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Here’s What Michael Cohen Will Testify About in Congress on Feb. 7

Last updated on January 12th, 2019 at 02:02 pm

Donald Trump’s former attorney/fixer Michael Cohen will testify before Congress on Feb. 7. But what exactly will he talk about?

Surely we’ll find out about Trump’s hush-money payments, but what else? He can’t discuss things that the Mueller probe is still looking into, so what exactly will he be able to tell congressional investigators?

Here is what it is believed Cohen will discuss on Feb. 7:

Details of the Trump Tower Moscow Project

Mueller reached a deal with Cohen on this specific charge, which indicates that it is a main focus of the collusion investigation.

Mueller’s team wrote last month:

“The fact that Cohen continued to work on the project and discuss it with Trump well into the campaign was material to the ongoing congressional and [special counsel] investigations, particularly because it occurred at a time of sustained efforts by the Russian government to interfere with the U.S. presidential election.”

But it’s not clear how much Trump was involved in this deal. Given Trump’s pro-Russia campaign rhetoric if he was involved in the deal it could implicate the president in collusion.

Trump Financial Officer Allen Weisselberg’s Role in Crimes

Whatever Trump was up to, Weisselberg probably knows, because he cut all Trump‘s checks for decades.

Cohen mentioned Weisselberg twice on that tape of him talking to Trump about the hush money.

“I’ve spoken to Allen Weisselberg about how to set the whole thing up with …” Cohen said before Trump interrupted him. Cohen then mentioned Weisselberg again: “So I’m all over that. And I spoke to Allen about it, when it comes time for the financing.”

The Trump Organization chief financial officer has agreed to cooperate with Mueller in exchange for immunity, but the public has received few details. Cohen’s testimony may help clarify the extent of Weisselberg’s legal exposure. It will also clarify what crimes Weisselberg and Trump may have committed together.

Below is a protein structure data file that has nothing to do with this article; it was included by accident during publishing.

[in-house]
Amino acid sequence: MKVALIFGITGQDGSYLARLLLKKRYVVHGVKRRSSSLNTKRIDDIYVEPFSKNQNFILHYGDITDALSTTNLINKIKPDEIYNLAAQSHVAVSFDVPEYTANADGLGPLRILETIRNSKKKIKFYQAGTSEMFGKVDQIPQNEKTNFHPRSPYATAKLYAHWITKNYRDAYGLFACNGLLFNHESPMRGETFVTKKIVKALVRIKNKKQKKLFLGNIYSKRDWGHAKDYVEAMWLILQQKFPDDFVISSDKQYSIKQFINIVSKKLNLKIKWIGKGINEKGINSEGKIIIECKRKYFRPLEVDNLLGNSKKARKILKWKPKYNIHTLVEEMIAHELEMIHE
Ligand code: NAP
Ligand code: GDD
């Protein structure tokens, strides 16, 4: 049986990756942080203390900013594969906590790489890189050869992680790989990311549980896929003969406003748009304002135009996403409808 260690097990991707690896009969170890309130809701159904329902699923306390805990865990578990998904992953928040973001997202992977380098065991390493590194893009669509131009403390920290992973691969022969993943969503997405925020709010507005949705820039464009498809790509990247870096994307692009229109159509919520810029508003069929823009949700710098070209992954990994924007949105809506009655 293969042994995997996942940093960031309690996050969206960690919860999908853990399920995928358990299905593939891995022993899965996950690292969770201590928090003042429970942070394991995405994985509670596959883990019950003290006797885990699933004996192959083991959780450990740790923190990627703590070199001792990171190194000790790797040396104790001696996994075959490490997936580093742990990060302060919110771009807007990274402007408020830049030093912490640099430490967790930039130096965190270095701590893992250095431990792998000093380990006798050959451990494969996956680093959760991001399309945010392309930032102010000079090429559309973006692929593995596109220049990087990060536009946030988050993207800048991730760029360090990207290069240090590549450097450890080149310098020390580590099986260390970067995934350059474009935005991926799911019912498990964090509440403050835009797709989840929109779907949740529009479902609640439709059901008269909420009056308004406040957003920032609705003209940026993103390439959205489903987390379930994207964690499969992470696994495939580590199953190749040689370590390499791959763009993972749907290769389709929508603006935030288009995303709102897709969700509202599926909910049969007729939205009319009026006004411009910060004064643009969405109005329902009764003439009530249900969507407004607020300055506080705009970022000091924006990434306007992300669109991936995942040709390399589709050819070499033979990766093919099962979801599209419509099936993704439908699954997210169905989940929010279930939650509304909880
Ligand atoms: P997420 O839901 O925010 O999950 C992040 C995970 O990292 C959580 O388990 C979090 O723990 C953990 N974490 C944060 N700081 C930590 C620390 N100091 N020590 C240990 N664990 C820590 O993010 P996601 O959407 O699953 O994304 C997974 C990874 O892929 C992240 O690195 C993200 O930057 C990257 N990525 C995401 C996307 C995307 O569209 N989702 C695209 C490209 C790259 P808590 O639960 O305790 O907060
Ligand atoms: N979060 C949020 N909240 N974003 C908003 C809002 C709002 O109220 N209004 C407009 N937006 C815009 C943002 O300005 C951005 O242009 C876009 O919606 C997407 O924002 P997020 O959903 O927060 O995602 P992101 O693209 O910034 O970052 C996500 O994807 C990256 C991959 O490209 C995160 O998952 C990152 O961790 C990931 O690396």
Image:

How Trump Directed Hush Money Crimes

Cohen’s guilty plea in the Southern District of New York’s investigation implicated Trump in the 2016 hush-money payments to porn star Stormy Daniels and former Playboy playmate Karen McDougal.

The question is whether Trump himself has real legal exposure due to the payoffs. Trump’s defense has been: I may have told him to do it, but I didn’t tell him to break the law, and I expected that he wouldn’t, because he’s a lawyer and should know better.

Cohen told ABC News last month that “of course” Trump knew the hush-money payments were wrong, but he didn’t provide any proof. So expect the congressional investigators to dig into the details of what Trump said when he directed the payments, and exactly why Cohen believes Trump knew it was illegal.

If Cohen can substantiate Trump’s knowledge that they were committing crimes then Trump himself may be charged with the same crimes that are sending Cohen to jail for three years.

Was Cohen in Prague, or Just His Cellphone?

The Steele Dossier said that Cohen (or another top Trump campaign official) was in Prague in 2016 negotiating the financial terms of collusion with a senior Russian official.

McClatchy reported in April that Mueller has evidence that Cohen was in Prague around the time that the Steele dossier claimed he was there. But Cohen denied this. Then McClatchy reported recently that Cohen’s cellphone pinged a tower near Prague around the same time. Then Cohen denied it again.

Cohen will be expected to talk to investigators about the Prague trip. If he wasn’t there himself, then who was?  Was it Donald Trump Jr. who was there meeting with Kremlin figures to work out the collusion plan for Russia to help Donald Trump get elected?

This information may provide a missing link in proving there was an illegal conspiracy to elect Trump in 2016. 

Tax Evasion, Money Laundering and Other Crimes

Financial officer Weisselberg would know about all kinds of potential crimes committed over the years by Trump, but so may Michael Cohen.

These crimes may include tax evasion, illegal money laundering schemes, fraud, and potentially other financial crimes.

Cohen was at the center of everything Trump did so if the president was committing financial crimes then it is likely that Cohen knew about it.

So we can expect the congressional investigators to press Cohen to reveal as much information as he has, and he is likely to comply. The tax, money laundering, and other financial crimes should be fair game on Feb. 7.

Michael Cohen‘s testimony on Feb. 7 will be public, so the information he provides concerning Donald Trump‘s crimes may be a political disaster for the president.

Leo Vidal

I am a lifelong Democrat with a passion for social justice and progressive issues. I have degrees in writing, economics and law from the University of Iowa.

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